Operations for us were constant, almost non-stop, throughout our time in Vietnam. From delivering military stores from Okinawa for delivery to ports in South Vietnam, to hauling cement from Taiwan to Phan Rang, to rescuing a grounded merchant ship or two off the reefs. We did it all until having to sail to Sasebo for repairs and overhaul. Upon completion of the repairs we spent the remainder of the year hauling supplies to Vietnam from Taiwan and Okinawa. We continued to perform these duties until 1969 when the inevitable happened; decommissioned for the final time.

Now, that you know where I originated from let me explain what my function is according to naval tradition:

Before the advent of the chronometer, time at sea was measured by the trickle of sand through a half - hour glass. One of the ship's boys had the duty of watching the glass and turning it when the sand had run out. When he turned the glass, he struck the bell as a signal that he had performed this vital function. From this ringing of the bell as the glass was turned evolved the tradition of striking the bell once at the end of the first half hour of a four hour watch, twice after the first hour, etc., until eight bells marked the end of the four hour watch. The process was repeated for the succeeding watches. This age-old practice of sounding the bell on the hour and half hour has its place in the nuclear and missile oriented United States Navy at the dawn of the Twenty-First Century, regulating daily routine, just as it did on our historic vessels under sail in the late Eighteenth Century.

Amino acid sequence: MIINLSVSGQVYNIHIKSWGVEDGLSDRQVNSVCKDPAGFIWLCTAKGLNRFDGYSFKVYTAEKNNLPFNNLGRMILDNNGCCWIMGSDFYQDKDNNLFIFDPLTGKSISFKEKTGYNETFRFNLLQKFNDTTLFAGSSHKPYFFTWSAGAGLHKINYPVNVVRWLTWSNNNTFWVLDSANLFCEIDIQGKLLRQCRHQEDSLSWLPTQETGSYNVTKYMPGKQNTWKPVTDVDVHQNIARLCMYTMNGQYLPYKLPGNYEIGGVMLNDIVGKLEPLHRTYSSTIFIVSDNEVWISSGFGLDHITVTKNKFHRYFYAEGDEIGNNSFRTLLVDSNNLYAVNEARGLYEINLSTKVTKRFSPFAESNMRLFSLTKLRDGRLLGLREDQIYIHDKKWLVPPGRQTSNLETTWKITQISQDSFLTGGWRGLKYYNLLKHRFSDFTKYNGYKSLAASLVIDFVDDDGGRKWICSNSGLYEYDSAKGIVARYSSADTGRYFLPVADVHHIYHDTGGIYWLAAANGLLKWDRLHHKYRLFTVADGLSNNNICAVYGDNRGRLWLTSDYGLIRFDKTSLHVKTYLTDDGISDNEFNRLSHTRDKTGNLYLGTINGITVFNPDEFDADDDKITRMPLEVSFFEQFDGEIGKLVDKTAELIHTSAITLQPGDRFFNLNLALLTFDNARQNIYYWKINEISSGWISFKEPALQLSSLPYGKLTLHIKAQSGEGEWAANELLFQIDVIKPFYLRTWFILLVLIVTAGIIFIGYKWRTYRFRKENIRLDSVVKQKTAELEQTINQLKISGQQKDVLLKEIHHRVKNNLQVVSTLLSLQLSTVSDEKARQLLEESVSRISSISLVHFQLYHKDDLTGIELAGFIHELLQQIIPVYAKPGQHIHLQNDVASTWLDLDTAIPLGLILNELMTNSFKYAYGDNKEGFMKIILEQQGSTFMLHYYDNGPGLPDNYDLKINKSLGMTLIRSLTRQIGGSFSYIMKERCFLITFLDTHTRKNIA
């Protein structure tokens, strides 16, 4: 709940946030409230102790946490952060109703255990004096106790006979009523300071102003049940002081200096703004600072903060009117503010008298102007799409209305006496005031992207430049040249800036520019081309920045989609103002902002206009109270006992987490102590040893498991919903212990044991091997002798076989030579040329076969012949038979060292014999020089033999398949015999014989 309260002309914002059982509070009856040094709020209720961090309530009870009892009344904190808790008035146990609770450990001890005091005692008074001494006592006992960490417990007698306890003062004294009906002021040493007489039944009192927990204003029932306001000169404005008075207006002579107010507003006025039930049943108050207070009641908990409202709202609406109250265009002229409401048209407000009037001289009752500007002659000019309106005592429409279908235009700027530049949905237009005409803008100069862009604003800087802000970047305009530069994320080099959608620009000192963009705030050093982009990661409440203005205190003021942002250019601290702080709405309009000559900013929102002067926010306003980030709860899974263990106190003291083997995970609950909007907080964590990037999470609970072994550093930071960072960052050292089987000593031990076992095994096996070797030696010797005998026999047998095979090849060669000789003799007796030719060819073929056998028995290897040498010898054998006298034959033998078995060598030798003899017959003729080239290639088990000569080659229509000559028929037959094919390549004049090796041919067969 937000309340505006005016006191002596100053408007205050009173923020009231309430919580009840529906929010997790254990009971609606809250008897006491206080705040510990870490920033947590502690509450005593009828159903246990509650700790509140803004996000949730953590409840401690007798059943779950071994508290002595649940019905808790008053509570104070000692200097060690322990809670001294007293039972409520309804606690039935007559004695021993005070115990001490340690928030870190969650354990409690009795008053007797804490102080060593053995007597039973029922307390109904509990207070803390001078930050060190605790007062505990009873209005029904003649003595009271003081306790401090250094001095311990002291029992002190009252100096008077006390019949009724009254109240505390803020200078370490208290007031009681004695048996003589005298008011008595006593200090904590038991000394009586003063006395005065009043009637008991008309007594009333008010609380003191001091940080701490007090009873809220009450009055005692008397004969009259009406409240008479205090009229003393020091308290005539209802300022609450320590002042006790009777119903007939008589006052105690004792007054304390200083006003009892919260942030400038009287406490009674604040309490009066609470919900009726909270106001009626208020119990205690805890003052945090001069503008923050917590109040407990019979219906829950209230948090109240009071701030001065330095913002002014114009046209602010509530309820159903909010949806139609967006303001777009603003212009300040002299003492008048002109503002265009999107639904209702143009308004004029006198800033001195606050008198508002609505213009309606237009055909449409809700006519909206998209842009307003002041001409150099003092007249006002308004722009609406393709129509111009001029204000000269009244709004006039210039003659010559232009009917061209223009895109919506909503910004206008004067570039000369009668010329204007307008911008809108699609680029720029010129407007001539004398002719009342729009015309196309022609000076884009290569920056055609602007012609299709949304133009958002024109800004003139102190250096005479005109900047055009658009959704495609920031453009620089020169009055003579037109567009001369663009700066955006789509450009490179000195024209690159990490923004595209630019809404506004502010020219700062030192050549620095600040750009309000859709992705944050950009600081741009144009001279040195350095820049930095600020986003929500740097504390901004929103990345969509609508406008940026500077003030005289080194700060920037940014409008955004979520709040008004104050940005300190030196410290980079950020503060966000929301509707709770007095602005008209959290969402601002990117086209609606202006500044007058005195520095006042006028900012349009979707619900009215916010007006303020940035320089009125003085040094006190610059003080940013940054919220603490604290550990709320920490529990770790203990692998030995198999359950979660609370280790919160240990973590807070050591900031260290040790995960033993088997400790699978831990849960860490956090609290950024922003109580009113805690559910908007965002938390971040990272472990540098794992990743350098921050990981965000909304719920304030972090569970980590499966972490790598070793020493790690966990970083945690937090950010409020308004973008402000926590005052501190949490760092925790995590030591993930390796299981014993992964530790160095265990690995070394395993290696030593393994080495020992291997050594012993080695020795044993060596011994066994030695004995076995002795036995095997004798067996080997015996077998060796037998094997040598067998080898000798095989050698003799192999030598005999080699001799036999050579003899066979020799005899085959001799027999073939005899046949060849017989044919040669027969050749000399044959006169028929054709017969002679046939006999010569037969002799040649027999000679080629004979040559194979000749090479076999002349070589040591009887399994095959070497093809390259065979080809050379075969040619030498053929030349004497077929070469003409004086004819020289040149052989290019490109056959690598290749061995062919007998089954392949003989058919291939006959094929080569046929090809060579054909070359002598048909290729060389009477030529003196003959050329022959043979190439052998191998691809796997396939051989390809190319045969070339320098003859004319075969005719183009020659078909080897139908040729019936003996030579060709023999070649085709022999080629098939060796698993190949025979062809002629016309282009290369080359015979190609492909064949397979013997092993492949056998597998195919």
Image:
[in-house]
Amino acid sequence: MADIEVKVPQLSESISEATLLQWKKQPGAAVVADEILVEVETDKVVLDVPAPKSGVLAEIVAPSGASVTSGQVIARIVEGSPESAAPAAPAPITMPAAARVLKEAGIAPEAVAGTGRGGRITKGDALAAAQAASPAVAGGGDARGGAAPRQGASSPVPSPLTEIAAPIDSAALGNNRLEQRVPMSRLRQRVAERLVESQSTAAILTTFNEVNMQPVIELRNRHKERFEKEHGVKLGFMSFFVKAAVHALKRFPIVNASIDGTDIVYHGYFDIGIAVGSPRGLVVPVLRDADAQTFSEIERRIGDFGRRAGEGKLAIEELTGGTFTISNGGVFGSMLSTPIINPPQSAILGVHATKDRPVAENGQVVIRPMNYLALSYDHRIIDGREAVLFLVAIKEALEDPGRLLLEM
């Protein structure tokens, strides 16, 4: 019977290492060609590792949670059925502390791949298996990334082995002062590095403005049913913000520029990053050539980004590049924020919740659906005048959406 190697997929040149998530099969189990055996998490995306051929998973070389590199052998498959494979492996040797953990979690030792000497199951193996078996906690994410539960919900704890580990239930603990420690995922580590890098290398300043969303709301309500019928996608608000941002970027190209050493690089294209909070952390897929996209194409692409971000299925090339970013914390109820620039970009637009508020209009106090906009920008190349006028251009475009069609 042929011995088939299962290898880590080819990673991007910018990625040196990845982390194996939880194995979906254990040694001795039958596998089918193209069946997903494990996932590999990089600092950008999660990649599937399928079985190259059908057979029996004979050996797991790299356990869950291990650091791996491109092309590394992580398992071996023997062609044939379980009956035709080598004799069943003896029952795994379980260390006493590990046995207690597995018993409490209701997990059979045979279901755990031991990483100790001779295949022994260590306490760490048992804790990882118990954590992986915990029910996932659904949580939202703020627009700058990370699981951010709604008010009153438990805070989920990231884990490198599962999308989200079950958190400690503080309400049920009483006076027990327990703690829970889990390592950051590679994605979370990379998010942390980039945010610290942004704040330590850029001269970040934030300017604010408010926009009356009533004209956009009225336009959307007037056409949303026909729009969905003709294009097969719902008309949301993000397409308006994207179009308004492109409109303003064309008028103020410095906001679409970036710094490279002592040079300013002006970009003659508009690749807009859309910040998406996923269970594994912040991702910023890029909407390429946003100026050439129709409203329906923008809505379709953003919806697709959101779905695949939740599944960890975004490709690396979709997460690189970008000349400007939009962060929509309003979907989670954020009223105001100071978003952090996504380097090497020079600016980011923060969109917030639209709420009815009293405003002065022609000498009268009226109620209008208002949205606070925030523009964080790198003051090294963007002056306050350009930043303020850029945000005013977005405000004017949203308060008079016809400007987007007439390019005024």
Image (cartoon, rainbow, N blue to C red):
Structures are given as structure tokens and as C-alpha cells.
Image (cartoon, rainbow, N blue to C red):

Safety and Communication
The sounding of a ship's bell found a natural application as a warning signal to other vessels in poor visibility and fog. In 1676 one Henry Teonage serving as a chaplain in the British Mediterranean Fleet recorded, "…so great a fog that we were fain to ring our bells, beat drums, and fire muskets often to keep us from falling foul one upon another." Ringing a ship's bell in fog became customary. In 1858, British Naval Regulations made it mandatory in that function. Today, maritime law requires all ships to carry an efficient bell.

Navy Ceremonies and Events
The bell is used to signal the presence of important persons. When the ship's captain, a flag officer, or other important person arrives or departs, watch standers make an announcement to the ship and ring the bell. This tradition extends to major naval command transitions, often held aboard vessels associated with the command.

Bells In Religious Ceremonies
The bell's connection to religious origins continues. Originating in the British Royal Navy, it is a custom to baptize a child under the ship's bell; sometimes the bell is used as a christening bowl, filled with water for the ceremony. Once the baptism is completed, the child's name may be inscribed inside the bell. The bell remains with the ship while in service and with the Department of the Navy after decommissioning. In this way, an invisible tie is created between the country, the ship and its citizens. Bells have been loaned or provided to churches as memorials to those vessels; this practice has been discontinued in favor of displaying bells with namesake states or municipalities, with museums, and with naval commands and newer namesake vessels.

Maintenance and Upkeep
Traditionally, the bell is maintained by the ship's cook, while the ship's whistle is maintained by the ship's bugler. In actual practice, the bell is maintained by a person of the ship's division charged with the upkeep of that part of the ship where the bell is located. In such a case a deck seaman or quartermaster striker or signalman striker may have the bell-shining duty.

Back To Me, The Bell of USS Luzerne County
There you have it; where I came from and traditionally what my function is. As mentioned in the beginning I have been here since 1999. As I recall, the last time anyone heard my ring was during a memorial service honoring those first responders and people we lost during the 9/11 attack on the Twin Towers in New York. Since then I’ve been silent. Still standing watch. Still weathering the heat and cold. Awaiting another time to sound off.

Editor’s note: Information for this article was obtained from the Naval Historical Center